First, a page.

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ARCHIFYNOW > TIPS & IDEAS > Innovations in Soundproofing to Reduce Urban Noise Pollution

Innovations in Soundproofing to Reduce Urban Noise Pollution

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I wake from my slumber to the sound of barking dogs. The dull roar of the blender makes my head pound and stomach grumble. Walking to the station, the sound of heavy rain on cars and pavement fills the void. I feel the vibration of a distant construction site. The piercing warning from an approaching cyclist makes me jump. The local cafe grinds me the wrong way this morning. Too much to digest before my first coffee. Ding. The elevator has arrived. Silence finally. Woosh; the doors open and my phone rings.

Urban dwellers understand that a moment of silence is something to savour in this loud and frantic world. Noise pollution is one of the many environmental menaces created by urbanisation. It may not seem as harmful compared with other forms of pollution, however, noise pollution not only affects the quality of our environment, it also has a negative impact on our health and wellbeing.

Scientists are starting to unravel the impact of this often overlooked form of pollution on our health. The effects of noise don’t stop with our ears. Nonauditory effects of noise exposure are substantial, including cardiovascular problems, sleep disturbances, reproduction problems, reduced cognitive functioning and emotional and behavioural stress. Studies have shown that people who live or work in loud environments are particularly susceptible to the above problems and experience reduced productivity and mood.

Urban noise pollution is undeniably going to increase with 68 percent of the world’s population projected to be living in urban areas by 2050. As our neighbours grow closer, our traffic becomes denser and our building types become more mixed-use, the built environment will require better acoustics to protect occupants from urban noise pollution. With this in mind, the scientific community is advancing the way we deal with noise pollution and have researched and prototyped several new technologies with great potential.


Researchers from Boston University have mathematically designed a material that can block sound while allowing airflow and transmission of light. This innovation is what is known as a metamaterial. Unlike traditional soundproofing materials which absorb sound and turn the vibrations into heat, these ring-shaped shells send incoming soundwaves back to their origin, thereby blocking sound but not air. The prototype has been proven to be effective, by successfully silencing a loudspeaker. The researchers are now focusing on how their acoustic-silencing metamaterial can be applied in the real world, musing that the possibilities are endless. For example, these metamaterials could be used as a tile or brick to build a sound-cancelling, permeable wall.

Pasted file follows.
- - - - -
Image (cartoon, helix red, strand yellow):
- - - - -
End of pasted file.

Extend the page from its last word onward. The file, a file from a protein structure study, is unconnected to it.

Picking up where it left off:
Graphene Foam

In the not too distant future, there may be a new soundproofing foam on the market that absorbs at least 60 percent more sound compared to its competition. The researchers at the University of Adelaide in Australia have engineered the internal structure of conventional acoustic absorptive foam using interconnected graphene sheets, simultaneously creating a material that is lighter, stronger, and better at resisting moisture and fire.

Noise Cancelling Windows

A team of researchers at Nanyang Technological University in Singapore has invented a system that blocks traffic noises whilst simultaneously allowing natural ventilation through open windows. These window systems cancel out unwanted noise using technology similar to that in noise-canceling headphones. The prototype consists of 24 small speakers fixed to the inside of a window and a microphone outside the window. The microphone detects sound waves, and a computer controller determines the wave frequency needed to neutralise the sound. This is then transmitted to the speakers on the window frame which cancel out the incoming sounds. Early tests show that the device is capable of reducing noise pollution by up to 50 percent. According to the researchers, their system is best at moderating steady sounds between 300 and 1,000 hertz and unfortunately works poorly against lower-frequency sounds, such as noise from aircraft or electric transformers. However, medical research suggests that reducing noise pollution by half might still lead to a significant decrease in associated health risks.

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Breanne Iredell
Breanne Iredell is the Content Developer for Archify. She coordinates the content creation and publishing on Archify and Archify Now as well as the development of online CPD presentations and education materials. Breanne holds a Master of Architecture from the University of Western Australia.
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